Ask pitching coaches and veteran pitchers to guess how many hurlers cheat, at least occasionally, and estimates almost always range between one-third and one-half. The difference is that scofflaw behavior no longer seems to carry much stigma. As Cal Ripken Sr. has noted, pitchers now cheat on any count, not just on a vital two-strike pitch with men on base.

Hitters are just as brazen. After Howard Johnson was accused by St. Louis Manager Whitey Herzog of corking his bat, the Mets third baseman tweaked the Cardinals by leaving one of his bats in the St. Louis clubhouse when he left town; the club was sarcastically plugged everywhere with corks. Very funny. "He's going to get bleeping drilled for this," said one Cardinals reliever.

Many fans feel considerable ambivalence around the sport's laissez-faire attitude toward the rule book. Something in almost all of us loves an outlaw, a rascal, if only his daring and style are sufficiently maintained. That's not to say that most of our nature approves -- just a part. A few generations ago, that passion for rapscallions was not so well hidden. America was half-proud of its desperadoes and gangsters, even as it printed wanted posters and organized manhunts. To run the little man out of business like old John D. Rockefeller or rouse the rabble like William Jennings Bryant or rejoice in war like the young Teddy Roosevelt was not inconsistent with being a national hero.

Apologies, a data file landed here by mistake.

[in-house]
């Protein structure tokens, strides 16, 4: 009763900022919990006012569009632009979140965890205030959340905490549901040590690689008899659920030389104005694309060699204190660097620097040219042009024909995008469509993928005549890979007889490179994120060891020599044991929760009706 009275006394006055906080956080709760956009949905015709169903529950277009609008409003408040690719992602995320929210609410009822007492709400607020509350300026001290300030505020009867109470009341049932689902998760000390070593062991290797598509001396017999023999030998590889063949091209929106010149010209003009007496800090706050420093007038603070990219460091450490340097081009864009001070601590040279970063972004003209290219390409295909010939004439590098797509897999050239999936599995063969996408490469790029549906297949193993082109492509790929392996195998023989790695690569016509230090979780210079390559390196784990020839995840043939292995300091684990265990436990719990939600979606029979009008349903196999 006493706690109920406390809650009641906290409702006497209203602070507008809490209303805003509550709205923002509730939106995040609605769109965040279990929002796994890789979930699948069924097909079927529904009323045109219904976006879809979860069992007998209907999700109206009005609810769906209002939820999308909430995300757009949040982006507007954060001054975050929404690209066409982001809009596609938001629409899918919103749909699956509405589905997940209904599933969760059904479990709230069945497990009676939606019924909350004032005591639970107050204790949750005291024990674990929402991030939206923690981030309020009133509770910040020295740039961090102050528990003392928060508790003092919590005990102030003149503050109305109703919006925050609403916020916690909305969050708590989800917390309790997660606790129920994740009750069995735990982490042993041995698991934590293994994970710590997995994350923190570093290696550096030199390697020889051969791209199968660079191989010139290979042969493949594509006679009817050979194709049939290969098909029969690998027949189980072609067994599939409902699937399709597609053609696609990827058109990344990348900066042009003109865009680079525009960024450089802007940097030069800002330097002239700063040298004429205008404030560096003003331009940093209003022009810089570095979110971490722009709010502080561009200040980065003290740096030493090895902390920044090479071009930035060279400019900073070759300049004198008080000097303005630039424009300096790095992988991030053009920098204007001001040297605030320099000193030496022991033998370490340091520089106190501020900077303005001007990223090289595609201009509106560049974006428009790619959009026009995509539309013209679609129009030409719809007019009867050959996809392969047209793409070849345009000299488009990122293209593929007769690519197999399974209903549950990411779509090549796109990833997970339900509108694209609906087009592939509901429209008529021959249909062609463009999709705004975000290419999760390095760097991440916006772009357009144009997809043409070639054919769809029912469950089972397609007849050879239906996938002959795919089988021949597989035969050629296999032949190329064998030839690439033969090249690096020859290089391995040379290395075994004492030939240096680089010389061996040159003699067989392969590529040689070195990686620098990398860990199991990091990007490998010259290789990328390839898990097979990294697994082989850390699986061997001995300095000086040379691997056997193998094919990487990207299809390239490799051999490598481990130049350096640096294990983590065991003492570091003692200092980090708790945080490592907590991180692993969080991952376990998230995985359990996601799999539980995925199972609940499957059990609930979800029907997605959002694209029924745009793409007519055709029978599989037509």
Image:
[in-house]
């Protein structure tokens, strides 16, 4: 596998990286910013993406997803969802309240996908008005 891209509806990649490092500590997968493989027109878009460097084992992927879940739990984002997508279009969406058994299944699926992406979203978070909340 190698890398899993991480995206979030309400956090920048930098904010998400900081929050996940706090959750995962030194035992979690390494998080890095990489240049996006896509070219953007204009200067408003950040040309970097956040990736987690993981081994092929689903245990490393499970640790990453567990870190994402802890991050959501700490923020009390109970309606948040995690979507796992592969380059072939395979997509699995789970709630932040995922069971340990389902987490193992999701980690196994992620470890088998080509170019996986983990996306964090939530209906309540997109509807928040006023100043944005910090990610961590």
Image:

In our time, sports is one of the preserves within a civilized society where scofflaw emotions can feel at home and not be run entirely off the turf. We love to hear the story of Earl Weaver visiting a struggling Ross Grimsley at the mound and saying to the much suspected left-hander, "If you know how to cheat, start now."

Two old-timers give us what might be called the pure professional view of cheating in baseball. "I'd always have {grease} in at least two places, in case the umpires would ask me to wipe off one. I never wanted to be caught out there without anything. It wouldn't be professional," wrote 300-game winner Gaylord Perry in his book "Me and the Spitter."

Former manager George Bamberger once put the issue perfectly for all the Niekros and Scotts: "We do not play baseball. We play professional baseball. Amateurs play games. We are paid to win games. There are rules, and there are consequences if you break them. If you are a pro, then you often don't decide whether to cheat based on if it's 'right or wrong.' You base it on whether or not you can get away with it, and what the penalty might be. A guy who cheats in a friendly game of cards is a cheater. A pro who throws a spitball to support his family is a competitor."

That is the old voice of 19th century baseball, full of rush and push, boom and drive, an age of energy and can-do certainty, not of conscience and ambivalence. It charmed us then and still seduces us today. It is a familiar voice, telling us that, if we only see things properly, dead wrong can be rationalized as perfectly all right.

The voice of Joe Niekro. And Oliver North.